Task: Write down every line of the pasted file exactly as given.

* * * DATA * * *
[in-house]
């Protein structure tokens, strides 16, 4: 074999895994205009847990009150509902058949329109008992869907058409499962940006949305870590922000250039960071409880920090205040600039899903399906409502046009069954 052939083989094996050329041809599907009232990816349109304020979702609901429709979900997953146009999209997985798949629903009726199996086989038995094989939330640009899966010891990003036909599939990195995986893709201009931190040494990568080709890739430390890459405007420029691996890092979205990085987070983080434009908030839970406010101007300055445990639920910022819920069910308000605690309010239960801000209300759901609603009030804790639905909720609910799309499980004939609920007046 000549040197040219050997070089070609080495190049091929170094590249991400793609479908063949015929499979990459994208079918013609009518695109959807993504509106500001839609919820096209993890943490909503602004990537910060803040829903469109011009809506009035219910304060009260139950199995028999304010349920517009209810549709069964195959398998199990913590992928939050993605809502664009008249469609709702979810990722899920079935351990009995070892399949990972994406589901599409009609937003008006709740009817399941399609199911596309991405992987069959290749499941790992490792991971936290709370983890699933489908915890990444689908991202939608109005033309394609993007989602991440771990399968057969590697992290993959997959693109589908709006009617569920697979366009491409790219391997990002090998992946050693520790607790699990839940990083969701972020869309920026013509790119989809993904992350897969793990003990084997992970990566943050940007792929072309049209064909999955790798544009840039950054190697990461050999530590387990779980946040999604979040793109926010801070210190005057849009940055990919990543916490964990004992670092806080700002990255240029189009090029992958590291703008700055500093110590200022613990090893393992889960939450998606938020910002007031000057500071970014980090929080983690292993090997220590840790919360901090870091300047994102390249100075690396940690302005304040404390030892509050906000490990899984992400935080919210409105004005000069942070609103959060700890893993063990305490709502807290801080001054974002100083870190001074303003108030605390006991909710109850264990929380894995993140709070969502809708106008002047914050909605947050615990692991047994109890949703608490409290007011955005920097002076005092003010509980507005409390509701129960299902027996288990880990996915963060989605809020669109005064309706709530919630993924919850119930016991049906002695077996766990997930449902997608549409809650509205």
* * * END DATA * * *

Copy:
[in-house]
């Protein structure tokens, strides 16, 4: 074999895994205009847990009150509902058949329109008992869907058409499962940006949305870590922000250039960071409880920090205040600039899903399906409502046009069954 052939083989094996050329041809599907009232990816349109304020979702609901429709979900997953146009999209997985798949629903009726199996086989038995094989939330640009899966010891990003036909599939990195995986893709201009931190040494990568080709890739430390890459405007420029691996890092979205990085987070983080434009908030839970406010101007300055445990639920910022819920069910308000605690309010239960801000209300759901609603009030804790639905909720609910799309499980004939609920007046 000549040197040219050997070089070609080495190049091929170094590249991400793609479908063949015929499979990459994208079918013609009518695109959807993504509106500001839609919820096209993890943490909503602004990537910060803040829903469109011009809506009035219910304060009260139950199995028999304010349920517009209810549709069964195959398998199990913590992928939050993605809502664009008249469609709702979810990722899920079935351990009995070892399949990972994406589901599409009609937003008006709740009817399941399609199911596309991405992987069959290749499941790992490792991971936290709370983890699933489908915890990444689908991202939608109005033309394609993007989602991440771990399968057969590697992290993959997959693109589908709006009617569920697979366009491409790219391997990002090998992946050693520790607790699990839940990083969701972020869309920026013509790119989809993904992350897969793990003990084997992970990566943050940007792929072309049209064909999955790798544009840039950054190697990461050999530590387990779980946040999604979040793109926010801070210190005057849009940055990919990543916490964990004992670092806080700002990255240029189009090029992958590291703008700055500093110590200022613990090893393992889960939450998606938020910002007031000057500071970014980090929080983690292993090997220590840790919360901090870091300047994102390249100075690396940690302005304040404390030892509050906000490990899984992400935080919210409105004005000069942070609103959060700890893993063990305490709502807290801080001054974002100083870190001074303003108030605390006991909710109850264990929380894995993140709070969502809708106008002047914050909605947050615990692991047994109890949703608490409290007011955005920097002076005092003010509980507005409390509701129960299902027996288990880990996915963060989605809020669109005064309706709530919630993924919850119930016991049906002695077996766990997930449902997608549409809650509205």